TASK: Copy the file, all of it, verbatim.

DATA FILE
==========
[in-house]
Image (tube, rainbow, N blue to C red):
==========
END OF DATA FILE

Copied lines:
[in-house]
Image (tube, rainbow, N blue to C red):